For example, to send $500 could easily result in $40 to $50 in fees. And that is not all. There are often unforeseen costs that arise during the process.

For example, there can be extra charges associated when switching over to a different currency, which, as you can imagine, is common when sending funds internationally.

These charges do more than just diminish the amount of money immigrants can send home. They are lucrative for money transfer operators (MTOs).

Western Union reported its margins on remittances were more than 28 percent in many of its largest markets.

With numbers like that, it makes you question just how fair the system is.

Antiquated settlement methods and delayed timeframes
In many circumstances, family and friends back home rely heavily on remittances for food, shelter and medical needs. Because these funds are so critical in daily life, it is important that they can be sent and received quickly. Unfortunately, that is not always the case.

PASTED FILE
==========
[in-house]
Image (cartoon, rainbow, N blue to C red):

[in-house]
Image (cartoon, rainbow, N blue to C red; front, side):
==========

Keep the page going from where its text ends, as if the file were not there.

It can take anywhere from four to five business days to transfer money from one bank account to another. These delays can mean all the difference for a family member or friend in need, especially in the case of an emergency.

To expedite the process, senders are subject to rush fees, and even then, sometimes have to wait for next-day delivery.

And the inefficiencies do not stop there.

Even though we have seen an influx of new transfer companies enter the market, there has not been a focus on simplifying the way loved ones receive remittances.

Currently, if a transfer is sent in cash, the receiver is forced to wait in line for up to an hour to pick it up.

With all of the technological advancements we have today, it seems reasonable to expect MTOs to consider customers’ needs and deliver convenient, immediate transfer solutions without overcharging.

Laborious processes that make sending money difficult
Filling out paperwork is a thing of the past, or so you would think.

In the digital age, we have become accustomed to streamlined processes and simple ways to share information, but wire transfer services have not made the jump.